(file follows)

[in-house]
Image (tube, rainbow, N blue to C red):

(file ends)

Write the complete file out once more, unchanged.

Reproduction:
[in-house]
Image (tube, rainbow, N blue to C red):